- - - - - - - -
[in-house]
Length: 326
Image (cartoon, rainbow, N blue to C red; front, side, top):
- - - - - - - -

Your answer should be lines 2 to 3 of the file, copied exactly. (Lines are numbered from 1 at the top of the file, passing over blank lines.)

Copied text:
Length: 326
Image (cartoon, rainbow, N blue to C red; front, side, top):